Presidents Yoweri Museveni (Uganda), Paul Kagame (Rwanda), João Lourenço (Angola) and Félix Tshisekedi (DR Congo) met virtually on October 7 to discuss peace and security in the Great Lakes Region of Africa. Their meeting continued talks aimed at finding solutions to the ongoing embattled relationship between Rwanda and Uganda, as well as how to create stability in the heavily rebel-occupied Democratic Republic of Congo. Also invited to the meeting was Burundi, which passed on the invite, citing a preference for bilateral talks.

New Vision reports that Félix Tshisekedi of DR Congo hosted the summit. He attended from Goma, the capital of DR Congo’s North Kivu Province, which is an area thick with hundreds of rebel groups that have displaced millions of people – some of whom have found refuge in Maine. According to the final communique of the meeting, the heads of state rejuvenated their efforts to eradicate armed groups operating in the region.

Because Uganda, DR Congo, Rwanda, and Burundi share borders, armed groups defecting from one country often reappear in another, a scenario that compels the states to deal with each other. The presidents have also agreed to work against the regional and international networks behind the illegal exploitation of natural resources in the region, something that indirectly contributes to the violence.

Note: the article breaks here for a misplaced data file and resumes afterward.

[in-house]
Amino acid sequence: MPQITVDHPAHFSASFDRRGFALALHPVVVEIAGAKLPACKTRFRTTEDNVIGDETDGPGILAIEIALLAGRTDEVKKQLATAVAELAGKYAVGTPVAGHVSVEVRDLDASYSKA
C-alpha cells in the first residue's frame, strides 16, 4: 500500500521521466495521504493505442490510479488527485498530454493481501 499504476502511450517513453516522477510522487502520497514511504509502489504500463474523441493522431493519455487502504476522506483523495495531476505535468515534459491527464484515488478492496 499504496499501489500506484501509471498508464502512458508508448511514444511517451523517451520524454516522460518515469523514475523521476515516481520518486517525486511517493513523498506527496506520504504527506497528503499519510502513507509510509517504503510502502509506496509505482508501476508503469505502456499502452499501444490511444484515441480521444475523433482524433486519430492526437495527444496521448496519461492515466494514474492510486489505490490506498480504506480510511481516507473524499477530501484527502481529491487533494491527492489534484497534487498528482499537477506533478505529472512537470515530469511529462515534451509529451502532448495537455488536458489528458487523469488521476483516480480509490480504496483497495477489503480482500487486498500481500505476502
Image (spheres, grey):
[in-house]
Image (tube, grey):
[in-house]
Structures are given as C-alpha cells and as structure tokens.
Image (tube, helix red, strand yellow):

The heads of state asserted that they feel compelled to cooperate to end recurrent violence and to project stability in the region, in order to spur trade and investment. The meeting was initially planned as an in-person gathering, but COVID-19 pushed it to a virtual format. President Évariste Ndayishimiye of Burundi declined to attend the meeting but did meet with the Congo’s Foreign Minister, who traveled to Burundi prior to the summit.

Burundi, DR Congo, Rwanda, and Uganda form the area referred to as the Great Lakes Region of Africa. Amjambo Africa has previously reported on the closure of borders between Rwanda and Uganda that put on hold cross-border trade. Relations between Burundi and Rwanda disintegrated following a 2015 failed coup attempt in Burundi, with no sign of normalization on the horizon. The DR Congo’s eastern border, which is shared with Rwanda, Burundi, and Uganda has consistently been ground zero for armed groups. President Tshisekedi wants his counterparts’ support to eradicate these groups, which have killed so many lives in the region. Angola’s João Lourenço has been playing a mediator role in the Rwanda-Uganda normalization talks.